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Rights of working parents

Workplace discrimination towards pregnant women

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Rights for Working Parents

Knowing the rights of working  parents can be a mine field of archaic beliefs, out-dated information and a fear of the power of business owners, but as a working parent your rights and ultimately the rights of your children are protected by law. Some of you may be fully aware of all your rights, but others may not be so sure so here is a basic run-down of what you can expect from your employer and who you can go to if you are not getting what you deserve.

Maternity and Paternity Leave

The big one for working parents, or parents-to-be, is Maternity and Paternity leave and can often be misinterpreted by new parents with other worries on their minds, the simple answer is that you are both entitled to leave and that leave is dependant on factors such as how long you have been employed by the company and your role in the child’s life, for example are you the biological father. Make sure you are fully aware of your time allowances and ensure that you give your employer as much notice as possible when you will be leaving and when you will be back.

Adoption Leave

If you are working and have been approved for adoption then you may be entitled to adoption leave when the child first comes to live with you. The times and allowances vary depending on where the child was born and the type of relationship you are in but there are many option available to you.

Flexible Working Arrangements

As a parent you have the right to ask for flexibility in your working hours to accommodate caring for your child, this may be to coincide with carers or partners or during nursery or school holidays. Your employer has to support you in your need to be there for your child as well as continue to support you in your working day but they do not necessarily have to agree to requests you make, in the event that they refuse to make changes for you they must be able to present a strong case for that refusal . The most important thing is to be open with your employer about what you need and make sure you give them as much notice as you can before making changes.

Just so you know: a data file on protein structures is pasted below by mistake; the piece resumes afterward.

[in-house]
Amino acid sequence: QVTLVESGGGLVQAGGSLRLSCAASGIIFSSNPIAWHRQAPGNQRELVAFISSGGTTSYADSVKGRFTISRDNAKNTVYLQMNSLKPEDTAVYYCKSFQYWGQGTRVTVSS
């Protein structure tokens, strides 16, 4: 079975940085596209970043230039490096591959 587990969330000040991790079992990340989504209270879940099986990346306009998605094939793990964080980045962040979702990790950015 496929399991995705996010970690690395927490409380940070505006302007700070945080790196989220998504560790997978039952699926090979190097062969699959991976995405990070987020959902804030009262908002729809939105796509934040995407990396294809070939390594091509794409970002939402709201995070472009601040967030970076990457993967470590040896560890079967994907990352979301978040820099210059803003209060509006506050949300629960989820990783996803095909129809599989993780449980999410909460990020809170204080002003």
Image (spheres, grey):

rights of working parents

Ante-Natal Classes

Your employer should give you time off to attend ante-natal classes and should pay you for that time assuming that you take a reasonable amount of time off. Again, keeping your boss informed all the way is they key to making it work.

Right to Work in a Safe Environment

This is a right that every employed person has but many pregnant women or new mothers don’t realise how it can affect them, as you will have much different needs than the average person may have. For example, if you are pregnant and working in an office then the amount of space you have to work in, the equipment you use and amount of work you are asked to do can all be taken into consideration. As a new mother, you may have to watch what cleaning chemicals you use and take extra pro cautions when using certain types of machinery or working with certain types of food.


As a working parent you will be entitled to certain state benefits, employer benefits or be suitable for schemes, it is important that you get all the information you can about these benefits as they may help you in the long run. A good employer will help you with these and have literature about what you can have, if you are a member of a union then they will certainly be able to help you find out what you are entitled to.

Dismissal or Discrimination because of pregnancy

It goes without saying that no employer can use your pregnancy as a way to manage you out of the business and in fact it is illegal for them to do so. In the event you are unable to perform your duties because of physical restrictions then they must find an alternative for you. If you feel you have been the victim of discrimination due to your pregnancy then you have the right to appeal and go to a tribunal.





About Steven Petter

About Steven Petter

Steve has three children, Connor, Harmony-Skye and Fletcher. He is a Martial Arts enthusiast as well as an avid reader of books about Philosophy, he began writing short stories and also writes music reviews.

Website: Steven Petter

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